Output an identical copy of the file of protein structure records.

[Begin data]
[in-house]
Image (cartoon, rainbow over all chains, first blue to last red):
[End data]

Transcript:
[in-house]
Image (cartoon, rainbow over all chains, first blue to last red):